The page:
Apr 16, 2024 - Technology

"Top secret" is no longer the key to good intel in an AI world: report

Illustration of a robot holding up a finger to its mouth.

Illustration: Allie Carl/Axios

AI's advent means the U.S. intelligence community must revamp its traditional way of doing business, according to a new report from an Eric Schmidt-backed national security think tank.

The big picture: Today's intelligence systems cannot keep pace with the explosion of data now available, requiring "rapid" adoption of generative AI to keep an intelligence advantage over rival powers.

  • The U.S. intelligence community "risks surprise, intelligence failure, and even an attrition of its importance" unless it embraces AI's capacity to process floods of data, according to the report from the Special Competitive Studies Project.
  • The federal government needs to think more in terms of "national competitiveness" than "national security," given the wider range of technologies now used to attack U.S. interests.

The U.S. needs the most advanced AI because there is an "accelerating race" for insight from real-time data to protect U.S. interests, rather than a reliance on a limited set of "secret" information, per SCSP president and CEO Ylli Bajraktari.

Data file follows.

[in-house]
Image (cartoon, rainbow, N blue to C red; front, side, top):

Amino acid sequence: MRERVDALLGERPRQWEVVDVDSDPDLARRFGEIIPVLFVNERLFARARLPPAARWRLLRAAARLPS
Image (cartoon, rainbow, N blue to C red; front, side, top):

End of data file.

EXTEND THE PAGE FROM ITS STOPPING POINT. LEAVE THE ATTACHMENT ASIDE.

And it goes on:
• Most of the current data flood arrives unstructured, and from publicly available sources, rather than in carefully drafted classified memos.

Context: The speed of generative AI's development "far exceeds that of any past era" of technology transformation, according to the report.

Threat level: Generative AI provides adversaries with "new avenues to penetrate the United States' defenses, spread disinformation, and undermine the intelligence community's ability to accurately perceive their intentions and capabilities."

  • The tools also "democratize intelligence capabilities," increasing the number of countries and organization that can credibly attempt to mess with U.S. interests.

What they found: The federal government needs to build more links with the developers of cutting-edge AI and adopt their tools to "reinvent how intelligence is collected, analyzed, produced, disseminated, and evaluated."

  • Intelligence agencies would benefit from an "open source entity" within government dedicated to accelerating "use of openly- and commercially-available data."

Reality check: New digital technologies and cyber threats have been changing the business of intelligence gathering and national defense for decades.

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